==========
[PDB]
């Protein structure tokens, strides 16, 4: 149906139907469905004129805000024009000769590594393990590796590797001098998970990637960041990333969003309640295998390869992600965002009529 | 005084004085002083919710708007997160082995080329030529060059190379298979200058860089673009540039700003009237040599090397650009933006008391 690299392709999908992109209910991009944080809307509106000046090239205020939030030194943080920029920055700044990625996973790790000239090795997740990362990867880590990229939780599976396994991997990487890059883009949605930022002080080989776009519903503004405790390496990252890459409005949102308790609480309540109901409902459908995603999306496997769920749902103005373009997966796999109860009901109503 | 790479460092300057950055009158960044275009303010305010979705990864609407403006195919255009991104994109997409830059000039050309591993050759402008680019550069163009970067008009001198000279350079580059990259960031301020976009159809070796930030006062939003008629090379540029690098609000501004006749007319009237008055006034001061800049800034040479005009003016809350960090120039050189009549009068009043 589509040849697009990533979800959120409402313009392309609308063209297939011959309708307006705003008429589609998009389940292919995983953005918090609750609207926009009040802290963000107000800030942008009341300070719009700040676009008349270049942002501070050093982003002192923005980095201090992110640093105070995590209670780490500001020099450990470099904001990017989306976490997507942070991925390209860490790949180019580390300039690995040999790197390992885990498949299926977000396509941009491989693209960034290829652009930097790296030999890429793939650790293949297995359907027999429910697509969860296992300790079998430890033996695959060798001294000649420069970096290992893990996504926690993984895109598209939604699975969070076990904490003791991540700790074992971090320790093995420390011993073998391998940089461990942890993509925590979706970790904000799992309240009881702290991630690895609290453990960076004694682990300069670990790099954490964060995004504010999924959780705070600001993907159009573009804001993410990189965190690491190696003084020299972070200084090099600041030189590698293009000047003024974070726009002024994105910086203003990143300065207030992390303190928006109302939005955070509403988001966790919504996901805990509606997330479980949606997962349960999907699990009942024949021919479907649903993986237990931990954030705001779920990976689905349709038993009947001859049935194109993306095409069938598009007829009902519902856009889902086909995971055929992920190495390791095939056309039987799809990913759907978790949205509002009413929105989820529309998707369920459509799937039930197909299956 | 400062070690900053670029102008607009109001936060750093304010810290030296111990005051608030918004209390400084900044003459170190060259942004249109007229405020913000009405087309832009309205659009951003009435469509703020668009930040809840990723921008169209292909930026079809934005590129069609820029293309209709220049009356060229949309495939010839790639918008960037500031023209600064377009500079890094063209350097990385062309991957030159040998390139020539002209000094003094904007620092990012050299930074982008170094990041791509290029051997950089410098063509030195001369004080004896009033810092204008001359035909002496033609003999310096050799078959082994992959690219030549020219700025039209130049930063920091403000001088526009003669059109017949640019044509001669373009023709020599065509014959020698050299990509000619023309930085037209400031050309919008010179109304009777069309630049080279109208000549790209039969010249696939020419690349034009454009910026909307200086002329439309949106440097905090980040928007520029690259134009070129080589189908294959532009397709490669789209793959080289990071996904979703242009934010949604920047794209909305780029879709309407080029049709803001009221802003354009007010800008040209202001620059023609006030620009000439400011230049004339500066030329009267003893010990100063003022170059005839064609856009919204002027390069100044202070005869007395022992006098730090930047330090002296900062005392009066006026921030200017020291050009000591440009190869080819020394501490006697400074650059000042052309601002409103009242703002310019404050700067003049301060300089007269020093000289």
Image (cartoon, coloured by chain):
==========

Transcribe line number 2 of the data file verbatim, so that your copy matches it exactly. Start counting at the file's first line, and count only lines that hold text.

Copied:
């Protein structure tokens, strides 16, 4: 149906139907469905004129805000024009000769590594393990590796590797001098998970990637960041990333969003309640295998390869992600965002009529 | 005084004085002083919710708007997160082995080329030529060059190379298979200058860089673009540039700003009237040599090397650009933006008391 690299392709999908992109209910991009944080809307509106000046090239205020939030030194943080920029920055700044990625996973790790000239090795997740990362990867880590990229939780599976396994991997990487890059883009949605930022002080080989776009519903503004405790390496990252890459409005949102308790609480309540109901409902459908995603999306496997769920749902103005373009997966796999109860009901109503 | 790479460092300057950055009158960044275009303010305010979705990864609407403006195919255009991104994109997409830059000039050309591993050759402008680019550069163009970067008009001198000279350079580059990259960031301020976009159809070796930030006062939003008629090379540029690098609000501004006749007319009237008055006034001061800049800034040479005009003016809350960090120039050189009549009068009043 589509040849697009990533979800959120409402313009392309609308063209297939011959309708307006705003008429589609998009389940292919995983953005918090609750609207926009009040802290963000107000800030942008009341300070719009700040676009008349270049942002501070050093982003002192923005980095201090992110640093105070995590209670780490500001020099450990470099904001990017989306976490997507942070991925390209860490790949180019580390300039690995040999790197390992885990498949299926977000396509941009491989693209960034290829652009930097790296030999890429793939650790293949297995359907027999429910697509969860296992300790079998430890033996695959060798001294000649420069970096290992893990996504926690993984895109598209939604699975969070076990904490003791991540700790074992971090320790093995420390011993073998391998940089461990942890993509925590979706970790904000799992309240009881702290991630690895609290453990960076004694682990300069670990790099954490964060995004504010999924959780705070600001993907159009573009804001993410990189965190690491190696003084020299972070200084090099600041030189590698293009000047003024974070726009002024994105910086203003990143300065207030992390303190928006109302939005955070509403988001966790919504996901805990509606997330479980949606997962349960999907699990009942024949021919479907649903993986237990931990954030705001779920990976689905349709038993009947001859049935194109993306095409069938598009007829009902519902856009889902086909995971055929992920190495390791095939056309039987799809990913759907978790949205509002009413929105989820529309998707369920459509799937039930197909299956 | 400062070690900053670029102008607009109001936060750093304010810290030296111990005051608030918004209390400084900044003459170190060259942004249109007229405020913000009405087309832009309205659009951003009435469509703020668009930040809840990723921008169209292909930026079809934005590129069609820029293309209709220049009356060229949309495939010839790639918008960037500031023209600064377009500079890094063209350097990385062309991957030159040998390139020539002209000094003094904007620092990012050299930074982008170094990041791509290029051997950089410098063509030195001369004080004896009033810092204008001359035909002496033609003999310096050799078959082994992959690219030549020219700025039209130049930063920091403000001088526009003669059109017949640019044509001669373009023709020599065509014959020698050299990509000619023309930085037209400031050309919008010179109304009777069309630049080279109208000549790209039969010249696939020419690349034009454009910026909307200086002329439309949106440097905090980040928007520029690259134009070129080589189908294959532009397709490669789209793959080289990071996904979703242009934010949604920047794209909305780029879709309407080029049709803001009221802003354009007010800008040209202001620059023609006030620009000439400011230049004339500066030329009267003893010990100063003022170059005839064609856009919204002027390069100044202070005869007395022992006098730090930047330090002296900062005392009066006026921030200017020291050009000591440009190869080819020394501490006697400074650059000042052309601002409103009242703002310019404050700067003049301060300089007269020093000289």